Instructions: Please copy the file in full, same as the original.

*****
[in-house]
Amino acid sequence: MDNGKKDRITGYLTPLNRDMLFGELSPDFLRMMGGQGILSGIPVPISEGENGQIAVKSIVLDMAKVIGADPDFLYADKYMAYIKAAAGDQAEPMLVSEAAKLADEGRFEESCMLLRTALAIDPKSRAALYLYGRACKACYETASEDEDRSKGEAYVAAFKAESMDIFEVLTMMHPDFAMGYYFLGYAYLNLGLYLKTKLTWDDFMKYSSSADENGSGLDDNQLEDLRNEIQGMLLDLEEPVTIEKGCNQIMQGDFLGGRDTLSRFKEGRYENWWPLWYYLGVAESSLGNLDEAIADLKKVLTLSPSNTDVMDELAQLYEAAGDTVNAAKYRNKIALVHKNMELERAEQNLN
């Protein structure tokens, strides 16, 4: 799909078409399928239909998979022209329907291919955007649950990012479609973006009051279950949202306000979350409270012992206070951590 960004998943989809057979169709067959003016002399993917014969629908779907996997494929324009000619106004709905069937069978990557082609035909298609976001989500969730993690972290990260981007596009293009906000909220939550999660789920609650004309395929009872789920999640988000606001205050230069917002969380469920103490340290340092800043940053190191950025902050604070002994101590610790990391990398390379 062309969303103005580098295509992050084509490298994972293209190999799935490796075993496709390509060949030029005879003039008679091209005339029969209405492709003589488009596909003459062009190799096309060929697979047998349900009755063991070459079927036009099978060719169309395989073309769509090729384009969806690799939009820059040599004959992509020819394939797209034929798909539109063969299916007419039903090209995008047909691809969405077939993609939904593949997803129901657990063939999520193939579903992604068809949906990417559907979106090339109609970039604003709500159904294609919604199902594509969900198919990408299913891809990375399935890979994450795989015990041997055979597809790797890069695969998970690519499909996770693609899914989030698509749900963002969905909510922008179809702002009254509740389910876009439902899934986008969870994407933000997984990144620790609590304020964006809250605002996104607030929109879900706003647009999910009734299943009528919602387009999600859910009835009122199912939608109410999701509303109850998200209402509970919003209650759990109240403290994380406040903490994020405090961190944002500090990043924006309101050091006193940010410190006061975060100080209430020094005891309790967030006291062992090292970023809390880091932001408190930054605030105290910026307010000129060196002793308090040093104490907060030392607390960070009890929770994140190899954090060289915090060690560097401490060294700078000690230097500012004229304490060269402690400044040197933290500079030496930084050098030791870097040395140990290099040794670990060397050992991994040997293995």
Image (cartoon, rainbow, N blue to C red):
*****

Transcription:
[in-house]
Amino acid sequence: MDNGKKDRITGYLTPLNRDMLFGELSPDFLRMMGGQGILSGIPVPISEGENGQIAVKSIVLDMAKVIGADPDFLYADKYMAYIKAAAGDQAEPMLVSEAAKLADEGRFEESCMLLRTALAIDPKSRAALYLYGRACKACYETASEDEDRSKGEAYVAAFKAESMDIFEVLTMMHPDFAMGYYFLGYAYLNLGLYLKTKLTWDDFMKYSSSADENGSGLDDNQLEDLRNEIQGMLLDLEEPVTIEKGCNQIMQGDFLGGRDTLSRFKEGRYENWWPLWYYLGVAESSLGNLDEAIADLKKVLTLSPSNTDVMDELAQLYEAAGDTVNAAKYRNKIALVHKNMELERAEQNLN
């Protein structure tokens, strides 16, 4: 799909078409399928239909998979022209329907291919955007649950990012479609973006009051279950949202306000979350409270012992206070951590 960004998943989809057979169709067959003016002399993917014969629908779907996997494929324009000619106004709905069937069978990557082609035909298609976001989500969730993690972290990260981007596009293009906000909220939550999660789920609650004309395929009872789920999640988000606001205050230069917002969380469920103490340290340092800043940053190191950025902050604070002994101590610790990391990398390379 062309969303103005580098295509992050084509490298994972293209190999799935490796075993496709390509060949030029005879003039008679091209005339029969209405492709003589488009596909003459062009190799096309060929697979047998349900009755063991070459079927036009099978060719169309395989073309769509090729384009969806690799939009820059040599004959992509020819394939797209034929798909539109063969299916007419039903090209995008047909691809969405077939993609939904593949997803129901657990063939999520193939579903992604068809949906990417559907979106090339109609970039604003709500159904294609919604199902594509969900198919990408299913891809990375399935890979994450795989015990041997055979597809790797890069695969998970690519499909996770693609899914989030698509749900963002969905909510922008179809702002009254509740389910876009439902899934986008969870994407933000997984990144620790609590304020964006809250605002996104607030929109879900706003647009999910009734299943009528919602387009999600859910009835009122199912939608109410999701509303109850998200209402509970919003209650759990109240403290994380406040903490994020405090961190944002500090990043924006309101050091006193940010410190006061975060100080209430020094005891309790967030006291062992090292970023809390880091932001408190930054605030105290910026307010000129060196002793308090040093104490907060030392607390960070009890929770994140190899954090060289915090060690560097401490060294700078000690230097500012004229304490060269402690400044040197933290500079030496930084050098030791870097040395140990290099040794670990060397050992991994040997293995």
Image (cartoon, rainbow, N blue to C red):